NHS rainbow badges initiative

Rainbow Badges is an initiative that gives staff a way to show that Chelsea and Westminster Hospital NHS Foundation Trust offers open, non-judgemental and inclusive care for patients and their families, who identify as LGBT+ (lesbian, gay, bisexual, transgender—and the + simply means that we are inclusive of all identities, regardless of how people define themselves).

The Rainbow Badge initiative originated at Evelina London Children’s Hospital to make a positive difference by promoting a message of inclusion.

What do staff need to do?

Staff who want to commit to the programme should complete this form: 

The Rainbow Badges initiative has been kindly funded and is strongly supported by our hospital charity, CW+. If you would like to find out more about their work, please visit www.cwplus.org.uk.

Why wear a badge?

By choosing to wear this badge, you are sending a message that 'you can talk to me'. You aren’t expected to have the answers to all issues and concerns but you are a friendly ear, and will know how to signpost people to the support available.

Lesbian, gay and transgender (LGBT+) patients face inequalities in their experience of NHS healthcare. A recent Stonewall survey published in Nov 2018 estimates that one in five LGBT+ people are not out to any healthcare professional about their sexual orientation when seeking general medical care, and one in seven LGBT+ people avoid treatment for fear of discrimination.

Despite the progress made towards LGBT+ equality in recent years, many LGBT+ people still face significant barriers to leading healthy, happy and fulfilling lives, with high rates of poor mental health and challenges when accessing healthcare services a contributing factor.

Increased awareness of the issues surrounding LGBT+ people when accessing healthcare on the part of NHS staff can make significant differences to their experience, and in turn on their physical and mental health.

If you want to find out more about the challenges faced in relation to sexuality and gender, please read Stonewall’s LGBT+ in Britain health report. It’s not just about wearing a badge—there are simple things we can all do to promote inclusion, such as:

  • Using inclusive language in all discussions
  • Affirming the identity that a person chooses to use
  • Assuring confidentiality

You may be the first person someone has ever felt confident enough to open up to about how they feel, especially with the younger LGBT+ community.  For them, it may be one of the most important moments of their life, and how you respond to it is something they will remember and can play a key role in making the overall experience better.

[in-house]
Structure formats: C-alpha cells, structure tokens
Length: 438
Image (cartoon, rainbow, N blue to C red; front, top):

The Royal College of Paediatrics and Child Health (RCPCH) have recognised the important role of paediatricians and embedded specific LGBT+ content within the progress curriculum.

Potentially, even the perception that discrimination might happen is enough to cause harm. Simple visible symbols, such as these rainbow badges, can make a big difference for those unsure of both themselves and of the reception they will receive if they disclose their sexuality and/or gender identity.

What do I do if a person opens up to me? 

The badges aren’t designed as a symbol intended to prompt people to open up to you, but they may prompt a person to disclose information about their own sexuality or gender identity, perhaps for the first time. Wearing a badge doesn’t mean you’ll have all the answers but most importantly you should be prepared to listen and signpost to relevant information.

What should I do if I feel I need to escalate a conversation?

Occasionally, you may feel that someone may need more immediate support, or that they are at risk.

You should always discuss any queries or concerns with the child or young person’s named consultant in the first instance or the consultant on call for that service. If this is not possible and further advice is needed, the consultant on service for general paediatrics can be contacted via switchboard to discuss how best to access further support. 

If you are specifically worried that there is an immediate or serious risk to the young person’s physical or mental health, then you should escalate to the Safeguarding team in line with normal Trust procedure. 

For non-urgent queries, you can email the team behind the rainbow badges project at 

Where to signpost young people for support: 

Additional resources

Got a question about the project? Please email .


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